Rigged elections: GOP voter suppression and the Voting Rights Act

The egomaniacal Twitter troll Donald Trump spent more than a year seeking to undermine American’s confidence in their electoral system, first claiming without evidence that the GOP primaries were rigged, then spending months claiming the general election was rigged. Trump falsely claimed without evidence that millions of illegal voters voted to explain losing the popular vote by well over 2 million votes.

Trump even suggested that his supporters might resort to “Second Amendment remedies” if the election did not go his way, Donald Trump Suggests ‘Second Amendment People’ Could Act Against Hillary Clinton, eschewing the American tradition of deciding elections by the ballot box, not bullets.

This is the man who is now in a position to impose GOP restrictions on voting in pursuit of the GOP’s mythical “voter fraud” fraud — in reality, voter suppression of Democratic-leaning voter constituencies. After Bitter Campaign, Election Positions Trump to Shape Rules on How You Vote:

Voting-RightsAfter an extraordinarily contentious election, crucial elements of the rules that determine how Americans vote will be under assault from conservatives and facing legal challenges heading toward the Supreme Court as Donald J. Trump prepares to become president.

Mr. Trump’s claims of a “rigged” election — made before he won — and his false declaration after his victory that “millions of people” had voted illegally for Hillary Clinton made headlines.

They also amplified longstanding Republican claims that rampant voter fraud justified a welter of state laws making it more difficult to register and vote. Democrats say the laws are not about combating fraud but about suppressing the vote of minorities and other Democratic-leaning constituencies.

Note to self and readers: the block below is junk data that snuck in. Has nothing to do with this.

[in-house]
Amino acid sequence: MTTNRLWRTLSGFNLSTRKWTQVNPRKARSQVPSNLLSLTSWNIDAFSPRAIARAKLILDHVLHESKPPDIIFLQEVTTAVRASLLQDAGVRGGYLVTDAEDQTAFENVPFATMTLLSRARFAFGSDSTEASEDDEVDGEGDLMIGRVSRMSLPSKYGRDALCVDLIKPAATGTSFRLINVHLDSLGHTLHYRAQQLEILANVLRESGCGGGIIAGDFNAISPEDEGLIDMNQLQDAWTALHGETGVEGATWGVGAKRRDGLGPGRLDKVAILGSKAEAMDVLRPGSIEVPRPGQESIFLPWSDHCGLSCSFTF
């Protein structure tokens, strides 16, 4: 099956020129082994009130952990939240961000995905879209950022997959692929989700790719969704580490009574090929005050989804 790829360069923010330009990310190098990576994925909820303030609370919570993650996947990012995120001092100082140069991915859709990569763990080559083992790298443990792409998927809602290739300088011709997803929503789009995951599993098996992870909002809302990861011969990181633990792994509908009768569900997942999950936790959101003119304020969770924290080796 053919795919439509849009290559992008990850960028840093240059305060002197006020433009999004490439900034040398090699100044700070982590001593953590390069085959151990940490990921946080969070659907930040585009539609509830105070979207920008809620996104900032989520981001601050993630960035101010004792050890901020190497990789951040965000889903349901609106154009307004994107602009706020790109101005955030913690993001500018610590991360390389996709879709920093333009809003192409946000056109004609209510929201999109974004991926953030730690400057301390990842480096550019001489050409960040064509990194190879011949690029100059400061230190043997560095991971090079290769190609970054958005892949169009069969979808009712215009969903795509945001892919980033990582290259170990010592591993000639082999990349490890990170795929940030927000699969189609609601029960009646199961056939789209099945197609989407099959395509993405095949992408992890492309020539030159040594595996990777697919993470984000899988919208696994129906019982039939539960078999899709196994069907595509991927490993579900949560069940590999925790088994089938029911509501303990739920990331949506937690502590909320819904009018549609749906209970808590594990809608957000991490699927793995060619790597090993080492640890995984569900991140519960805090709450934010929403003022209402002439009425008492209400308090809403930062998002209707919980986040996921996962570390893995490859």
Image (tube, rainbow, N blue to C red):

Mr. Trump will have enormous power to shape future policy on voting.

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Political Calendar: Week of December 4, 2016

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Political Calendar for the Week of December 4, 2016:

Sunday, December 4, 3:00 p.m.: Pearl Harbor Remembrance Ceremony and U.S.S. Arizona Mall Memorial dedication, at the University of Arizona Mall. Special collection exhibit open 1:30- 230 p.m.

Monday, December 5, Noon: Democrats of Greater Tucson luncheon, Dragon’s View Restaurant (400 N. Bonita, South of St. Mary’s Road between the Freeway and Grande Avenue, turn South at Furr’s Cafeteria). New price: buffet lunch is $10.00 cash, $12 credit; just a drink is $3.50. Featured speaker is Tucson Weekly reporter Jim Nintzel. Next Week: Betty Stauffer, Director of Literacy Connects.